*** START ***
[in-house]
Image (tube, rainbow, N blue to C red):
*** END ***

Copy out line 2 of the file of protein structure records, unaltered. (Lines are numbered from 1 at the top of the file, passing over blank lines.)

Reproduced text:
Image (tube, rainbow, N blue to C red):